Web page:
Wednesday, November 13, 2013

Almost Regency: a Speculative Fiction Lover’s Guide

So, it's pretty well-documented in my book reviews that my biggest literary loves are two: romances, and speculative fiction.

I know the two genres don't always appeal to the same cross-section of readers, but I thought it'd be fun to make a list for those of you like me, who have a love of both – or for those of you whose curiosity might be piqued by the idea of courtly love . . . in space!

So, let me introduce you to a few novels that blend the comedy of manners with imaginative vistas of other worlds.

(Note: none of these books are explicitly Christian, and may contain material offensive to some readers. I personally think the good stuff in them still makes them well worth reading, but parents, give them a look over before handing them off to teenagers.)

-My favorite book dedication of all time comes at the front of Lois McMaster Bujold’s “A Civil Campaign” and reads: “For Jane, Charlotte, Georgette, and Dorothy: Long may they rule”. The luminaries mentioned are, of course, Jane Austen, Charlotte Bronte, Georgette Heyer, and Dorothy Sayers, and this intelligent and hilarious tale of courtship in a high-tech world is worthy of those great mistresses of the comedy of manners. 

-The Liaden books written by the husband and wife team of Steve Miller and Sharon Lee feature an aristocratic society full of archaic rules of behavior . . . remind anyone of the London ton? The resemblance isn’t an accident, as the authors’ blog proves they’re fans of Georgette Heyer. Newcomers to the series should start with “Agent of Change”, wherein the high-born spy Val Con meets the mercenary Miri Robertson. This prince-meets-pauper tale should please fans of the familiar Regency romance trope of high-born noble falling for the commoner.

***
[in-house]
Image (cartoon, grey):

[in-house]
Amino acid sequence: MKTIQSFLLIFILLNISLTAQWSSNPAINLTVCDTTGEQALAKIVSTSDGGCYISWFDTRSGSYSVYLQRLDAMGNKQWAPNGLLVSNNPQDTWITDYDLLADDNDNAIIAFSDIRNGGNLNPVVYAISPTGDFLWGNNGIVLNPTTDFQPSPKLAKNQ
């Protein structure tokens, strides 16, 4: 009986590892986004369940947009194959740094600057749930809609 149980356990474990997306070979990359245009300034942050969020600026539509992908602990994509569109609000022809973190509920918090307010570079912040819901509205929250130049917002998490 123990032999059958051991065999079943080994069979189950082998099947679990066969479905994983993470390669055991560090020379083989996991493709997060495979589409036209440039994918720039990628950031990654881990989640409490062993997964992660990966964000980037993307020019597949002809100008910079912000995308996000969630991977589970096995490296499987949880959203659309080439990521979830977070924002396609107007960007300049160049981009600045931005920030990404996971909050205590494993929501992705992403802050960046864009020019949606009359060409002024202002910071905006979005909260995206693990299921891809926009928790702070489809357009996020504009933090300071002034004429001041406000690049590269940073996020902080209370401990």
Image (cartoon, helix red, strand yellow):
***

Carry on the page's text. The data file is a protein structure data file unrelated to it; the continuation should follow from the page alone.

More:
-Moving on to fantasy, I can't recommend Megan Whalen Turner's Thief series highly enough. Though there's no romance in the first volume, there's the fiercest of courtships in The Queen of Attolia. Wow. And the King of Attolia gives you a bit of a glimpse - through a stranger's eyes - of how that romance continued.

-And in the oldie-but-goodie category? Beauty, by Robin McKinley. If you haven't read it, go and treat yourself. McKinley was retelling fairy tales before retelling fairy tales was cool. And if you like Beauty, you should probably give her Spindle's End a try next.

Sadly, that's the end of my list of speculative fiction that gives almost-equal time to the romance. But if you want some speculative fiction that still has a strong thread of romance running through the story, let me recommend:

-Julie Czerneda. Her most famous sci-fi-and-romance pairing is probably found in To Trade the Stars, but for my money, the slow-simmering romance between biologist and spy in the Survival series is tops.

-Another Bujold: though I like Curse of Chalion for all kinds of reasons that have nothing to do with romance, and everything to do with my love of good theological fantasy, it does have a quiet romance (or two) lilting through its pages.

So, those are my top picks when it comes to love in the spec. fic. world. Let me know if you know of any others I should check out!

Peace of Christ to you,
Jessica Snell

1 comment:

Anonymous said...

oh man! I cannot tell you how much I'm hoping for a ton of great "comment" posts here with names of books to read! Mom